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Behind the Scenes: Spiral with Glass



Hello everyone, my name is Sean Turner and I'm a 3D artist from the UK.

I've been doing 3D art on and off for around 15 years mainly in the field of architectural visualization, always striving for that 'photo' look.


The inspiration for this project came from these images I found on a staircase manufacturing company's website.

If your goal is to work in the field of architectural visualization, then 'realism' is obviously key.

I believe the best way to achieve that 'Realistic' look is to practice recreating from photos. After all, if it looks like the photo, then it looks realistic right? This I found gave me a good solid foundation for producing my own scenes.

I wanted to challenge myself a little in this project so I decided on these images as they contained a staircase that winds around a lift, leading onto a catwalk containing a lot of glass.


I will always start with the most challenging part of the image, whether it be an object that I consider challenging to model or maybe a key material that might be difficult to replicate. If I can't achieve this, then the rest of the scene simply isn't going to work.


I haven’t modeled a spiral staircase for a good few years but as it turned out, it wasn't much of a challenge at all in the end. Just a couple of tutorial videos later and I ended up with this using the Array Modifier.


The main support for the walkway consisted of multiple panes of glass in parallel which would have to be tweaked to achieve the level of realism required, depending on the glass material.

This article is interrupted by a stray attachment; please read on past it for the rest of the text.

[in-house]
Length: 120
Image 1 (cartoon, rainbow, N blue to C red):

This is a very important aspect to the scene and one I usually spend a good deal of time on, either finding good quality materials or creating my own.

This is the material for the glass I settled on after a little experimenting.

I used a separate material for the glass edge as I wasn't achieving the results I wanted.

Once the staircase and the glass was satisfactory, the rest of the scene was pretty straightforward.


I never really saw lighting as a major issue, Just a simple sky and sun or an HDRI for the environment and maybe a number of area lights strategically placed for noise reduction or for extra reflections on surfaces if required.

I will, however, use little 'tricks.’ For instance, negative value lights and reflector planes (similar to what photographers use) for adding contrast in areas that may require it.

In my opinion, the key to a realistic render is not primarily in the lighting, although of course it contributes, but in the materials and a good LUT added in the post processing stage.

A clay render to get a rough guide for the overall lighting.

I often do close-up test renders of sensitive areas as I don't want any nasty surprises when the render is finished. (This won't apply to most people but as I'm still using CPU, it's definitely  needed in my case.)


That’s all, I hope you've learned something new from this article!

Thank you and have a nice day!

About the Artist

Sean Turner, a 3D artist from the UK. My Discord username is...SBTLINK#50013



About the Author

Avatar image for Alina Khan
Alina Khan

A self taught 3d artist, who seeks to excel in the computer graphics field. Currently a student, freelancer and the editor for the 'Behind the Scenes' at Blender Nation.

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